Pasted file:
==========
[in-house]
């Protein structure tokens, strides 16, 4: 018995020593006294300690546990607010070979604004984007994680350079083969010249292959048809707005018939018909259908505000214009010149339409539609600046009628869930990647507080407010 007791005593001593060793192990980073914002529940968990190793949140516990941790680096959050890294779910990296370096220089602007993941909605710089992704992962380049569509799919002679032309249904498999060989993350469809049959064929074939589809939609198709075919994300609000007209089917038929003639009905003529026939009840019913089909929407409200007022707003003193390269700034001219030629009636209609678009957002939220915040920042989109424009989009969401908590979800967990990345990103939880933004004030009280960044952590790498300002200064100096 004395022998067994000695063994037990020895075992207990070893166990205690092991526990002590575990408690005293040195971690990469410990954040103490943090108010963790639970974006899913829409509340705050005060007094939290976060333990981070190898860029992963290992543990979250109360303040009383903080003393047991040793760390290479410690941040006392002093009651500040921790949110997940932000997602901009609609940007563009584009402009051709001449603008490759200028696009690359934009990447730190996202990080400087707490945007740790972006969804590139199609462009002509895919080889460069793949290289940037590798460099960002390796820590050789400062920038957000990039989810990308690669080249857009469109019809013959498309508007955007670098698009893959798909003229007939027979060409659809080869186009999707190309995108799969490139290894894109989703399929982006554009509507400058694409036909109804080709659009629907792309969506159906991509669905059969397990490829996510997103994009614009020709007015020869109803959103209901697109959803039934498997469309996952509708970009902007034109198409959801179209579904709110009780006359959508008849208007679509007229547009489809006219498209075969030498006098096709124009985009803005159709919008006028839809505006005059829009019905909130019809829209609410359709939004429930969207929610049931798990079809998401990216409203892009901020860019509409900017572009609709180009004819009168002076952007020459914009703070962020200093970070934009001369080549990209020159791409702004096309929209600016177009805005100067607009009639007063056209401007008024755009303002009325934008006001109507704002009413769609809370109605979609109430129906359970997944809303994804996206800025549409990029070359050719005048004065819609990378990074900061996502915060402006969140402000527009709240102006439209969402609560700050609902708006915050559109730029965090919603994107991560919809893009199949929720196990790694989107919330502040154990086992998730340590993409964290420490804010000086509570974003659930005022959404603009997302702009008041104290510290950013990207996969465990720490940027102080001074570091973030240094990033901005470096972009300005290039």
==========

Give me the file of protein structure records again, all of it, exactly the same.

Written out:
[in-house]
């Protein structure tokens, strides 16, 4: 018995020593006294300690546990607010070979604004984007994680350079083969010249292959048809707005018939018909259908505000214009010149339409539609600046009628869930990647507080407010 007791005593001593060793192990980073914002529940968990190793949140516990941790680096959050890294779910990296370096220089602007993941909605710089992704992962380049569509799919002679032309249904498999060989993350469809049959064929074939589809939609198709075919994300609000007209089917038929003639009905003529026939009840019913089909929407409200007022707003003193390269700034001219030629009636209609678009957002939220915040920042989109424009989009969401908590979800967990990345990103939880933004004030009280960044952590790498300002200064100096 004395022998067994000695063994037990020895075992207990070893166990205690092991526990002590575990408690005293040195971690990469410990954040103490943090108010963790639970974006899913829409509340705050005060007094939290976060333990981070190898860029992963290992543990979250109360303040009383903080003393047991040793760390290479410690941040006392002093009651500040921790949110997940932000997602901009609609940007563009584009402009051709001449603008490759200028696009690359934009990447730190996202990080400087707490945007740790972006969804590139199609462009002509895919080889460069793949290289940037590798460099960002390796820590050789400062920038957000990039989810990308690669080249857009469109019809013959498309508007955007670098698009893959798909003229007939027979060409659809080869186009999707190309995108799969490139290894894109989703399929982006554009509507400058694409036909109804080709659009629907792309969506159906991509669905059969397990490829996510997103994009614009020709007015020869109803959103209901697109959803039934498997469309996952509708970009902007034109198409959801179209579904709110009780006359959508008849208007679509007229547009489809006219498209075969030498006098096709124009985009803005159709919008006028839809505006005059829009019905909130019809829209609410359709939004429930969207929610049931798990079809998401990216409203892009901020860019509409900017572009609709180009004819009168002076952007020459914009703070962020200093970070934009001369080549990209020159791409702004096309929209600016177009805005100067607009009639007063056209401007008024755009303002009325934008006001109507704002009413769609809370109605979609109430129906359970997944809303994804996206800025549409990029070359050719005048004065819609990378990074900061996502915060402006969140402000527009709240102006439209969402609560700050609902708006915050559109730029965090919603994107991560919809893009199949929720196990790694989107919330502040154990086992998730340590993409964290420490804010000086509570974003659930005022959404603009997302702009008041104290510290950013990207996969465990720490940027102080001074570091973030240094990033901005470096972009300005290039």